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ALISO VIEJO – Charles Dunlop, founder and CEO of Ambry Genetics, never tested his own DNA even though he had the technology at his fingertips. He refused to displace a vial of a patient’s blood in a lab bursting at capacity.
But after his 2014 diagnosis of Stage 4 prostate cancer, he ran a sample and discovered a mutation in a gene involved in DNA repair, which can increase risk for a number of cancers.
“I had a lab over here for people like me and I didn’t test my own blood because we were so busy,” Dunlop said.
The era of operating on overload has come to an end with Dunlop’s recent unveiling of a highly automated “super lab” that can process three times as many samples per day, at 3,000, while offering faster turnaround times and enhanced quality measures.
“I just want the world to be better and I want to see less suffering,” Dunlop said. “With the new lab, we get to do the job we’ve always wanted to do.”
To that end, Dunlop on Tuesday announced another initiative, AmbryShare.
In an effort to accelerate the quest for cures, the company released anonymous, aggregated genetic testing data for hereditary breast and ovarian cancer for use by researchers. The data comes from the sequencing of 10,000 patient exomes, which make up less than 2 percent of the human genome but include most of the known disease-associated variants.
The company plans to add more data, available for free download to registered users at share.ambrygen.com, at least every quarter.
“What I’m trying to do is give away the data instead of hoard it or sell it to the highest bidder, to the people that actually do the cures,” Dunlop said.
“It’s a very humanistic thing we’re doing and it’s also a very greedy thing we’re doing,” he said. “I have Stage 4 cancer. Did I give my mutation to my daughter? I’d like to think one day there’s a cure if she needs it.”
Dr. Stephen Gruber, director of the USC Norris Comprehensive Cancer Center, said he applied right away to receive the data, calling the announcement “a great day for genomics.” He said the large sample size will be useful for counseling patients who have undergone genetic testing about their risk of disease and will help yield new treatment and prevention approaches.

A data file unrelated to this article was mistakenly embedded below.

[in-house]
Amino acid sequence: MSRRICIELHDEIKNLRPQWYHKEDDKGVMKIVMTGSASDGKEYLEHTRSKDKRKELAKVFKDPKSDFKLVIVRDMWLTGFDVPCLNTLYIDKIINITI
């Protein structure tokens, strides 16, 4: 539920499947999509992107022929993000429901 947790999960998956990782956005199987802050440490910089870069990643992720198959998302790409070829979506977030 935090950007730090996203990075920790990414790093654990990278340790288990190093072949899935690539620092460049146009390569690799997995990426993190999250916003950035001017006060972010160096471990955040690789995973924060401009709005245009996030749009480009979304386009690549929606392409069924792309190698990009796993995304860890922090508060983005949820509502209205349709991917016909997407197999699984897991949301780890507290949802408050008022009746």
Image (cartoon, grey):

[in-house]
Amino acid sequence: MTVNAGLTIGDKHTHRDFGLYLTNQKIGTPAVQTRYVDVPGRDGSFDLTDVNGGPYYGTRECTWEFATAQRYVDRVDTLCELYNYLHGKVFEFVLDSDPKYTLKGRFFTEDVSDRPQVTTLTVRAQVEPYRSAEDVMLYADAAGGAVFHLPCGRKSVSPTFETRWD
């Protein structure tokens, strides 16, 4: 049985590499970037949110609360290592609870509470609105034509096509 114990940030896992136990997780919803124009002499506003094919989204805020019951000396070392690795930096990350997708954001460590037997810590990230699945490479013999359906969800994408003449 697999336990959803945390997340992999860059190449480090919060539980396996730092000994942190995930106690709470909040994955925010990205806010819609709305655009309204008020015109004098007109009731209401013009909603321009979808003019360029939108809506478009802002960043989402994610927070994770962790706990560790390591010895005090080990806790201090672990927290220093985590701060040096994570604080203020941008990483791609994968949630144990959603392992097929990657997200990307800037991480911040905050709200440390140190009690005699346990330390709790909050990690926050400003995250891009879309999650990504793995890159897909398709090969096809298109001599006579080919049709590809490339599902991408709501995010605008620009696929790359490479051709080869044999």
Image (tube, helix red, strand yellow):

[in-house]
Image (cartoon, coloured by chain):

“The interpretation of these data is the really, really hard part,” Gruber said. “What this allows us to do as a a broader cancer community is to bring to bear all the resources for helping to interpret this data in a way that will accelerate clinical care.”
The opening of the 65,000-square-foot lab, which took a year to build, and the release of the testing data, come after the company won a groundbreaking legal decision that shattered the monopoly on breast cancer testing and then weathered the blow of Dunlop’s cancer diagnosis.
Ambry entered the breast cancer genetic testing market in 2013, a couple of hours after the U.S. Supreme Court ruled that naturally occurring human DNA could not be patented. In March 2014, a federal judge denied a request by a competitor to halt Ambry’s testing for the BRCA 1 and BRCA 2 gene mutations linked to breast and ovarian cancer, which Ambry offered for about half the price.
Three months later, Dunlop, 42 at the time, learned he had advanced prostate cancer, which was diagnosed after he had difficulty urinating. Dunlop had recently become a father for the first time and he feared he would not see his infant daughter grow up. He took a leave from the company and went to Hawaii to focus on his recovery.
His diagnosis brought the company’s mission into even sharper focus.
“When we sequenced Charlie’s sample and found a mutation there, it’s good for employees to realize that what you’re doing matters to individuals. This isn’t just a DNA tube,” said Aaron Elliott, interim chief scientific officer. “It hit home even harder.”
Dunlop’s mutation is not directly linked to prostate cancer and did not effect his treatment plan. But because of his age – prostate cancer is most often diagnosed in men over 65 – Dunlop correctly suspected a genetic component.
He has completed chemotherapy and remains on hormone therapy.
“I am in remission. I have a good energy level. I’m on the job,” he said.
Cancer panels are one of the most popular tests and the new lab will decrease turnaround times from about 21 to 28 days to 14 to 21 days.
“That’s extremely significant,” Elliott said. “A lot of the patients we get are high-risk individuals with a strong family history. Every day matters.”
The privately held company declined to disclose how much the lab cost. Dunlop said he didn’t know how much the exomes would sell for on the open market but said Ambry had been approached by interested pharmaceutical companies.
During Ambry’s grand opening of the new lab last month, Dunlop said he wondered if in 10,000 years people will look back and recall a time when there was still disease, before a genomic revolution discovered life-sparing cures.
“Are we going to be a footnote in history?” Dunlop asked. “I don’t know. We might.”
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